There are seven main emotional drivers in marketing: fear, anger, guilt, salvation, flattery, exclusivity, and greed. Alone, or in combination, you can build a direct mail campaign by directly appealing to them in your copy.
For example: “Earn more interest on all your accounts with us!” (Greed). Or “Will your loved ones be able to pay their bills when you’re gone?” (Fear)
You have to be careful in not being too negative in your approach. Even if people need to take their financial status more seriously, frightening or depressing your target audience is not best. Instead, look for ways to relieve the stress or anxiety they may be feeling but offering concrete solutions that put them in control and more pleasantly disposed to take action.
For example, Discover Card promoted a personal loan by including a circular: “10 Steps to Financial Freedom.” The content in this case gave to prospect tools and information to make them feel more confident in themselves and in their company.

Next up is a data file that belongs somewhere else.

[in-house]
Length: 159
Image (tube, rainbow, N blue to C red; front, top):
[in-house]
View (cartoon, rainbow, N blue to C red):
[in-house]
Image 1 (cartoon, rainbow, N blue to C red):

#3: Build credibility with your brand
As I mentioned before, customers are skeptical. They don’t want to hand their hard-earned money over to just anybody. So, your job is to answer: “Why should I trust you?”
More than any other industry, financial services providers rely on their reputation to survive. There are several ways you can communicate honesty, integrity, and stability in your mail.
For example, list names, logos, and ratings of any institutions that have endorsed your business. In recent years, reviews by Better Business Bureau, Forbes, Wall Street Journal, and NerdWallet (among others) have all been leveraged by financial institutions in their marketing.
Personal stories and testimonials from customers add a less formal believability to the picture, while also creating an emotional connection. For example, a homeowner can relate how flood insurance allowed her family to recover more easily after a tragedy.
#4: Segment your data
Because data rules direct mail, you don’t have to mail to everyone. Using demographic and other data to personalize your campaigns is a low cost and fairly easy tactic to implement.
While following regulations governing its use, you can carefully segment the data you have to mail offers to specific segments of your customer base for additional products or services or ones that may better meet their needs than what they currently have.